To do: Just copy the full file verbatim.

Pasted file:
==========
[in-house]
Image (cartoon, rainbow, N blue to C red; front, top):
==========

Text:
[in-house]
Image (cartoon, rainbow, N blue to C red; front, top):